Even if your ISP also add IP addresses into the block list, like I said, as far as your ISP's firewall and filters are concerned, your are connected to the proxy addresses that are not in the list, the whole time. To them, you are not even on Google search engine. You're on a website that is not blocked or filtered by your ISP.
But [your VPN provider] said they can bypass data cap, so it was all a lie??
Depends on how you interpret what exactly the VPN tunneling do. In the previous blog entry, the author used the liking of tunnels and doors to illustrated the shape of the network. But its not physically looked like a tunnel or a door, if anything, it was meant to be the digital version. In other words, the tunnels and doors are made of binary. Source code and numbers, not wood and bricks.
And numbers, do not lie. Your ISP will keep on counting the bytes whether or not the data packet is encrypted. You cannot mask your data upload/download unless you are tampering with your ISP server. Which is illegal. However, it is legal to compress the data packet.
And that, is exactly what happening within the inside of your VPN tunnel. The tunnel does not only encrypt and decrypt data packet for your outgoing and incoming connections, but the algorithm inside will also compress the data packet to the smallest size possible.
To illustrate, imagine that the data is "1+1+1+1+1=5". Your VPN will compress it into "4+1=5", hence reducing the size and save more space. I cannot say the same for all existing VPN out there, because it depends on the algorithm that they use. But be mindful that data that already have been compressed, usually for large files such as movies and softwares, may not be able to be compressed even further. So don't get your hopes too high.
Technically, it will not allow you to bypass your ISP data quota. But it will reduce the data usage, where you can see the data upload/download statistic from your VPN dashboard would differ from your ISP's statistic. That is why there are people putting up pictures of them having huge GB of data streamed in and out from their VPN dashboard panel, but have yet reached the cap of their ISP data quota.
They will hit the cap, eventually. But the selling point is that you'll be able to stream in and out data, more than whats limited by your ISP. Again, this is depending on what or which VPN you are using.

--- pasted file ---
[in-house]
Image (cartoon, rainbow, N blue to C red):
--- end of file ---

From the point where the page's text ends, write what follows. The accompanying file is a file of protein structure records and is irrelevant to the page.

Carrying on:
Again, please check your country internet ranking whether or not its feasible for you to improve your internet surfing experiences.
So your choices are either purchasing a VPN service, or making your own VPN by purchasing a cheap VPS. Before this, there was an article written by one of the author here about free VPN that did not only allows you to configure the settings but also provide tutorials on how to setup on your own. But it was discontinued because it had became increasingly unfeasible to share.
Ultimately, you need proxy addresses. Once you shared those, people are going swarm all over and crowd the traffic, which completely defeat the purposes of having encrypted high speed internet connection with compressed data packet. Therefore I cannot share my own personally set up VPN in my own VPS. But I can help you to:
1) If you are considering buying VPN services -
- Make sure the word 'unlimited' is properly defined. 'Unlimited internet' is not the same as 'Unlimited bandwith'. If a VPN service doesn't specify the bandwidth or traffic limit, look for keywords like Mbps, Megabit per second, or simply contact the service provider and inquire.
- Unlimited internet means you get anonymity while surfing the internet. That means nothing is blocked, and you can access everything. You need to read carefully their ToS (Terms of Service) and/ or T&C (Term and Condition) and make sure that they do not keep log of your 'little adventure'.
- Not all VPN services compress data. Honestly, never seen one, yet. Compression consume computing power, so I highly doubt a VPN service that boast internet speed would turn on the data compression. Contact the service provider and inquire, if reducing data usage is what you are going for.
- Make sure that the VPN servers are outside of your country. If you subscribe to a VPN service that have its servers set up locally, then the VPN is subjected to the same restrictions or blocking protocols as you are. Unless of course, you are going for the internet speed only.
2) If you are considering buying a VPS -
- Features to look out for are slightly similar to VPN service. The bandwidth/traffic limit, server location, and computing power. You don't need domain name or larger storage. You are not making websites.
- It is considerably cheaper than VPN services, but may or may not be tenfold more pain in the ass because you have to set up and configure the VPN yourselves.
- Its can be easy to set up a VPN if you are familiar with OpenVPN. Even easier if you know source coding. Godlike, if you are comfortable to read, learn, and research a little bit extra. Instead of just wasting time throwing insults to tutorial author simply because you can't make it work, in that case, go kill yourself.
Other than these 2 options, you can either lobby the government to pass new laws and better regulation for optimal services quality, or stop voting some stupid old fucks that waste public funds on unnecessary public infrastructures, or boycott the slimy stinking ISP that screwed you over, or you can simply learn how to deal with disappointment by keep on throwing duffle bags full of cash. Its your choice, and its up to you to decide.
Next time, if time permits, I will make a tutorial on how to set up VPN in a VPS. Hopefully there will no reason for me, or us, to discontinue tutorials on these matters.